Culture: A Jewish Journey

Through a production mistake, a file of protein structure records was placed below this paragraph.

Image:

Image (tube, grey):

Yisrael Campbell looked distinguished when he walked in front of a crowded Underwood Room Saturday night to perform a comedy routine he called, “It’s Not in Heaven.” Along with his long beard and sidelocks, he was dressed completely in black from his shoes to the black baseball cap that he later removed to reveal a black yarmulke. “My name is Yisrael Campbell,” he said, “the first name’s very Jewish.” After this statement, there was a long, deliberate silence, which was one of the comedic tools that Campbell used throughout his humorous routine. “The Campbell’s not so Jewish,” he commented and then quickly added, “I grew up Catholic. People ask, you know, how Catholic were you? I was really only vaguely Catholic. But vaguely Catholic is Catholic enough. Let’s say that I was Catholic enough to know I was going to hell. So I joined a religion that doesn’t believe in hell.” Why would a Catholic boy from a Philadelphia suburb named Chris Campbell ever change his name, convert to Orthodox Judaism and, eventually move to Jerusalem? Apparently, his quiet, wholesome, normal upbringing was not enough to satisfy him. Tired of living somewhere where “nothing happened,” he moved to Jerusalem, where, as he phrased it, “far too much happens.” He then proceeded to explain the roots of his transition in a humorous and motivational hour-long conversation. “I’m the first-born son of a manic-depressive Italian woman and a pathologically silent Irishman,” said Campbell, “which makes me wildly emotional in a very quiet way.” He continued “My aunt, though, was a nun, which makes Jesus my uncle. I’m not making that up, that’s church doctrine. She’s my aunt, she’s a bride of Christ, he’s my uncle.” After undergoing an intervention for alcoholism in his junior year of high school, Mr. Campbell was told he should look for a greater power to which he could commit his life. Heeding this advice, Yisrael, then still Chris, graduated from high school and moved to south Florida, where he met Lara Levenson, a Jewish woman who introduced him to the religion. Campbell then detailed the three conversions he had to go through to become Orthodox and included stories of the three ritual circumcisions which accompanied these conversations. He spoke about his love for Judaism, about learning Hebrew in Jerusalem, about marrying his substitute Hebrew teacher, and about what it is like to live in Jerusalem today. Although Campbell’s overall routine was humorous, there were somber moments in the Underwood Room when he spoke of the violence in the Middle East and his friends who died in a bombing. I was greatly amused by Mr. Campbell’s recollections of the people and trials he encountered on his journey to becoming an Orthodox Jew. He recounted the conflict within the religion: some rabbis did not accept conversions performed by another rabbi, and, in Jerusalem, it took fourteen months for his conversion to Orthodoxy to be accepted by the very organization that performed it! In the end, as he said, “I thought, once I had three conversions…everyone’s going to love me … turns out nobody loves me. The Reform think I should have stopped there. The conservative don’t know why I went beyond that, and the Orthodox distrust all converts…pretty much all people.”